J.P. Morgan gaming analyst Joe Greff agreed, telling investors in a research note that Las Vegas Strip demand was “resilient in light of ongoing Omicron impacts during this time period.”

Pre-pandemic, gaming analysts would usually consider combined January and February gaming revenue totals, given the fluctuating dates for the Chinese New Year.

Even with a more subdued celebration, the combined January-February gaming total of almost $2.19 billion topped the previous record of $2.17 billion set in 2007.

In Northern Nevada, casinos in Washoe County, including Reno and Sparks, surpassed January totals. South Lake Tahoe casinos experienced a decline in gaming revenues compared to 2021 for the second straight month.

According to the control board, gaming taxes collected during March on February’s revenues were $58.8 million. For the first nine months of the fiscal year, gaming tax collections are up 35.4 percent from a year ago.

Visitor numbers coming back

The Strip drew more than 2.6 million visitors during February, despite lingering effects of the Omicron variant.

The Las Vegas Convention and Visitors Authority said hotel occupancy reached 69.3 percent during the month, which included 87.5 percent occupancy on weekends. LVCVA Vice President of Research Kevin Bagger said midweek occupancy is still dependent on a recovery in the convention and meeting segment but did reach 60.7 percent in February.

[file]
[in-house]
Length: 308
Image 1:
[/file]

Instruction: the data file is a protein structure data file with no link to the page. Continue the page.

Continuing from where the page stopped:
Macquarie Securities gaming analyst Chad Beynon told investors in a research note that Strip executives, including those from MGM Resorts International and Caesars Entertainment, were optimistic concerning visitation even as gasoline prices were rising.

“Commentary was positive around March Madness attendance and corporate meetings momentum,” Beynon wrote.

A customer checks the latest Super Bowl proposition wagers at the BetMGM at the MGM Grand Las Vegas on Friday, Feb. 11, 2022. (Jeff Scheid/The Nevada Independent)

Sports betting down from previous months

Nevada’s sportsbooks took in $781 million in wagers during February, snapping four straight months of $1 billion in total bets. Still, the figure was a record total for February.

The Super Bowl supplied an all-time record of $179.8 million in wagers to the total.

Meanwhile, sportsbooks added $30.9 million of the total wagers, which was a decline of 2.9 percent from a year ago.

Mobile sports betting accounted for 65.7 percent of the month’s total.

Airport passengers increase in February

Passenger travel into Harry Reid International Airport during February grew slightly over January, with a resurgence in international travel helping the airport hit the single-month 100,000 international passenger mark for the first time in two years.

The 3.3 million passengers was slightly greater than the 3.1 million flyers the airport saw in January, according to figures released by the airport. The total was also a 107 percent increase from February 2021, which was the last month before many COVID-19 restrictions were lifted in Southern Nevada.

International flights to and from five countries accounted for 100,233 passengers during February.

On Monday, Reid Airport said international travel was resuming with 16 air carriers covering 17 international destinations. Prior to the pandemic, the destination had direct service to and from 11 countries, averaging more than 316,000 passengers per month.